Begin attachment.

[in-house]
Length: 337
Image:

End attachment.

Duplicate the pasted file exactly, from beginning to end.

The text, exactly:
[in-house]
Length: 337
Image: